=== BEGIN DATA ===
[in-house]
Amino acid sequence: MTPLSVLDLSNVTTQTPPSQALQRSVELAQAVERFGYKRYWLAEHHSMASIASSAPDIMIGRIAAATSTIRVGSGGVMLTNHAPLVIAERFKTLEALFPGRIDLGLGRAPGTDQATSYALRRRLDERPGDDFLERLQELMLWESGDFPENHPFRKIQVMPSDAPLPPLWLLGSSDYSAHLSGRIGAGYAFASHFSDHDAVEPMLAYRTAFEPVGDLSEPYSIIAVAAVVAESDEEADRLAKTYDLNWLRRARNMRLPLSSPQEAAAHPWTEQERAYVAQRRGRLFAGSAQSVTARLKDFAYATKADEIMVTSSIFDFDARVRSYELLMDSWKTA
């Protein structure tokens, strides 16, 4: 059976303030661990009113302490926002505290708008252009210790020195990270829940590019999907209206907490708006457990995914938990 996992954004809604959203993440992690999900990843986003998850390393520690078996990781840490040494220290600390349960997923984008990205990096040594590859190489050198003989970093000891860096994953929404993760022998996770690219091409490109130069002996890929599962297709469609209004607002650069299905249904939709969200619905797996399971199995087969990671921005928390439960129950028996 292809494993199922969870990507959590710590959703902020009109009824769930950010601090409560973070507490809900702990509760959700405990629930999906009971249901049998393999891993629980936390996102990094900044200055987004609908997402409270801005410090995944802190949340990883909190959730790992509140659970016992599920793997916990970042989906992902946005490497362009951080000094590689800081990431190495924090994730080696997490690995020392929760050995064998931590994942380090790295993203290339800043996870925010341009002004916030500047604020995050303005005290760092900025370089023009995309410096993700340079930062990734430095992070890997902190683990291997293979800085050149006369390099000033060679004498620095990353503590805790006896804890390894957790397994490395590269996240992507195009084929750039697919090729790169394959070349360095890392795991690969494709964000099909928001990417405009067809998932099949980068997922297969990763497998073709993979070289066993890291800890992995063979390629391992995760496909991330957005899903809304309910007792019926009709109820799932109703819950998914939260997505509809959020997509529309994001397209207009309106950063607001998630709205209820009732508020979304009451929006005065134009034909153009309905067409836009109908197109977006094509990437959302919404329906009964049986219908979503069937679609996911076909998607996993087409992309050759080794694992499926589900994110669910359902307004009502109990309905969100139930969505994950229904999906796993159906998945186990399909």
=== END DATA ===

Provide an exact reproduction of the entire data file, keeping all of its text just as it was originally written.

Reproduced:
[in-house]
Amino acid sequence: MTPLSVLDLSNVTTQTPPSQALQRSVELAQAVERFGYKRYWLAEHHSMASIASSAPDIMIGRIAAATSTIRVGSGGVMLTNHAPLVIAERFKTLEALFPGRIDLGLGRAPGTDQATSYALRRRLDERPGDDFLERLQELMLWESGDFPENHPFRKIQVMPSDAPLPPLWLLGSSDYSAHLSGRIGAGYAFASHFSDHDAVEPMLAYRTAFEPVGDLSEPYSIIAVAAVVAESDEEADRLAKTYDLNWLRRARNMRLPLSSPQEAAAHPWTEQERAYVAQRRGRLFAGSAQSVTARLKDFAYATKADEIMVTSSIFDFDARVRSYELLMDSWKTA
């Protein structure tokens, strides 16, 4: 059976303030661990009113302490926002505290708008252009210790020195990270829940590019999907209206907490708006457990995914938990 996992954004809604959203993440992690999900990843986003998850390393520690078996990781840490040494220290600390349960997923984008990205990096040594590859190489050198003989970093000891860096994953929404993760022998996770690219091409490109130069002996890929599962297709469609209004607002650069299905249904939709969200619905797996399971199995087969990671921005928390439960129950028996 292809494993199922969870990507959590710590959703902020009109009824769930950010601090409560973070507490809900702990509760959700405990629930999906009971249901049998393999891993629980936390996102990094900044200055987004609908997402409270801005410090995944802190949340990883909190959730790992509140659970016992599920793997916990970042989906992902946005490497362009951080000094590689800081990431190495924090994730080696997490690995020392929760050995064998931590994942380090790295993203290339800043996870925010341009002004916030500047604020995050303005005290760092900025370089023009995309410096993700340079930062990734430095992070890997902190683990291997293979800085050149006369390099000033060679004498620095990353503590805790006896804890390894957790397994490395590269996240992507195009084929750039697919090729790169394959070349360095890392795991690969494709964000099909928001990417405009067809998932099949980068997922297969990763497998073709993979070289066993890291800890992995063979390629391992995760496909991330957005899903809304309910007792019926009709109820799932109703819950998914939260997505509809959020997509529309994001397209207009309106950063607001998630709205209820009732508020979304009451929006005065134009034909153009309905067409836009109908197109977006094509990437959302919404329906009964049986219908979503069937679609996911076909998607996993087409992309050759080794694992499926589900994110669910359902307004009502109990309905969100139930969505994950229904999906796993159906998945186990399909």